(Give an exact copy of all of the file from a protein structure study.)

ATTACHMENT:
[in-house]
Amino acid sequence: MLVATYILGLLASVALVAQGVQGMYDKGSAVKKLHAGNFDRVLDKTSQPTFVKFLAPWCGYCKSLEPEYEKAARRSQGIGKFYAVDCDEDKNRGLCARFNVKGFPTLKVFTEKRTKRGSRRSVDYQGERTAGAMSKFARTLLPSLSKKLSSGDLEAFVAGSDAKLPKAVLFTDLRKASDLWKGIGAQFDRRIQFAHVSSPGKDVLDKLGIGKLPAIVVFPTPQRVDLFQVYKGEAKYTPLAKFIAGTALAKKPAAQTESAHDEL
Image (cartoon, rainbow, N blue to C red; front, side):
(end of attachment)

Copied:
[in-house]
Amino acid sequence: MLVATYILGLLASVALVAQGVQGMYDKGSAVKKLHAGNFDRVLDKTSQPTFVKFLAPWCGYCKSLEPEYEKAARRSQGIGKFYAVDCDEDKNRGLCARFNVKGFPTLKVFTEKRTKRGSRRSVDYQGERTAGAMSKFARTLLPSLSKKLSSGDLEAFVAGSDAKLPKAVLFTDLRKASDLWKGIGAQFDRRIQFAHVSSPGKDVLDKLGIGKLPAIVVFPTPQRVDLFQVYKGEAKYTPLAKFIAGTALAKKPAAQTESAHDEL
Image (cartoon, rainbow, N blue to C red; front, side):